Innovation – Why a small business owner should bother

Innovation is one of the commercial buzz words of the moment. It is usually found in the high-tech scene. It is often associated with the X, Y , Z generations. The question is should us other mere mortals, perched outside these categories, need to bother?

In the UK, the piercing role of innovation in SME growth was detailed in the Unlocking UK Productivity report, co-produced by Goldman Sachs, the Enterprise Research Centre (ERC) and the British Business Bank (BBB).

Across all sectors, it found that innovation boosted productivity and facilitated substantial growth in sales. Survival rates were also higher in SMEs that innovate, for the simple reason that they are better able to adapt to challenging market conditions.

This message was brought home to me earlier today, when I met up with a client in central Jerusalem. Now this was early days as their business mentor. However, they were eager to stress: –

  1. They constantly seek to learn about new techniques available in their profession.
  2. They look to boost sales via this acquired knowledge.
  3. Further, the knowledge appears to empower the business owner, who is totally committed to what they do. they love their job, and try to motivate others around them.

Interestingly, without having ready numbers available, it would appear that their sales have just about held their own, at a time when local competitors are struggling.

A few hours later, I received an email from another client of mine, Sonya Davidson, who is developing her start up company in the field of alternative energy. Summarising her trip to France, where she met up with potential investors, Sonya effectively spelt out how her technique to be innovative is beginning to pay off. What she stressed was that entrepreneurship does not just refer to new technology. It applies to all aspects of a business – client management, financial planning, logistics et al – and for all types of commerce.

Remember the lesson of the great manager of Manchester United Football Club. Even when he had a team conquering the best opponents in Europe, he was looking to recreate it around a small successful core of key players. Why? He was always aware that his opponents would catch him up quicker than could be anticipated.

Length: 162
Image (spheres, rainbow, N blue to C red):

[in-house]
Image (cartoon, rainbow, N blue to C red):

There is an obvious lesson in this posting. Be you a shop, service provider, high-techy or otherwise, whatever your size, you cannot afford to rest on your laurels for too long, in any aspect of your business.

Glasgow and Jerusalem: What they taught me about business coaching

My second week in the UK has been based in Glasgow, thousands of miles away from the bustle of Jerusalem and many of my clients. On reflection, the holiday has reminded of a valuable lesson in business.

While my wife has been biking around the wonders of Glentress, I have had the thrill of visiting some amazing places. I took a guided tour of Stirling Castle with its fascinating history and stunning views. I booked a hired tour to Loch Lomond. I could have sat there for hours, contemplating, taking in the amazing scenery. And if you check my Facebook postings, you will find out just how many distilleries I visited.

And it struck me that there was a common feature running through all the site visits. The staff I met were without exception incredibly friendly and helpful, with a smile. This applies right down to the student parking attendant at the castle, even if he was clearly bored out of his mind with his summer job.